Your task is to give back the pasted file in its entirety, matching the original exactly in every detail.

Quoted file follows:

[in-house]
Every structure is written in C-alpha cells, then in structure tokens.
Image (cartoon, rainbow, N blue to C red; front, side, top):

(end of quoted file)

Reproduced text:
[in-house]
Every structure is written in C-alpha cells, then in structure tokens.
Image (cartoon, rainbow, N blue to C red; front, side, top):